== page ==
I don't hate summer; I just don't really love it. What?! Summer?! Surely I must mean winter, right? Nope. I mean summer. It's not my favourite season. In fact, it's a really difficult time for me.
You have likely heard of seasonal affective disorder, commonly referred to as SAD. Did you know that for about 10% of people impacted by SAD, they experience it in the summer months? Lucky me, I am among that 10%. It's like opposite day for me when the rest of the world seems to be embracing the heat, having fun at the lake or getting together with friends for backyard BBQs. Sure, I enjoy some of that but mostly I am uncomfortable - mentally and physically. And that's a really hard thing to admit, especially when it seems to go against what you think the rest of the world feels. Just look at facebook where everyone is just having The. Best. Time. Oh, the pressure.
For someone who is pretty in tune with her moods and triggers after all these years, I was surprised when a friend pointed something out to me recently: in the five years that she has known me my mood has taken a hit starting each spring. Wow. How did I not see that?! And yes, it's true. Each of the depressive episodes that I have experienced have started in the spring. In fact, as I write this I am struggling once again with the ups and downs of mild to moderate depression.
So what is reverse seasonal affective disorder all about anyway? According to an online article in Psychology Today, "While winter SAD is linked to a lack of sunlight, it is thought that summer SAD is due to the reverse - possibly too much sunlight, which also leads to modulations in melatonin production. Another theory is that people might stay up later in summer, throwing their sensitive circadian rhythms for a loop."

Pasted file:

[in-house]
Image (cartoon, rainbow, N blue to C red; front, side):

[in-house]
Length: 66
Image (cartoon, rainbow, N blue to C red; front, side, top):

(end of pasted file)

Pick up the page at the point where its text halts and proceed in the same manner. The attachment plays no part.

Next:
Bingo. My circadian rhythms are way off. I can't get to sleep even when I am really tired. When I do sleep it is fitful. I don't wake up refreshed but exhausted. Sleep is the centre of everything for me. It impacts my mood and attitude, how I eat and what I eat, and if I have the energy to exercise or not. When I don't have enough of it, it takes control and dictates my choices. In short, it goes hand in hand with my old friend, depression.
Oh, and did I mention that my city is having a heat wave with record breaking temperatures? Extreme temperatures can increase the amount of headaches and migraines that a person experiences and it can also impact depression and mood.
All of this adds up to a perfect storm for my mental health. Swell.
If you know me at all, you will know this one thing: I don't give up. Not when it comes to my mental health or anything that I care strongly about. So how am I battling this latest challenge? I am taking each day as it comes. Each day is a new opportunity to try again - to eat well, connect with people, practice mindfulness, go for a walk, and (hopefully!) get a good night's sleep. I refuse to focus on the negative for too long. Even in my down moments I still recognize that the sun is shining - literally and figuratively!
All we have in this life are two things: this moment and the ability to change our attitude. Make your life what YOU want it to be. If that means spending a sweltering summer evening in an air-conditioned movie theatre giggling with a friend at a funny movie then do that (Thanks, D!). Write your own script. Embrace your own opposite day.
For more information about the connection between headaches and temperature click here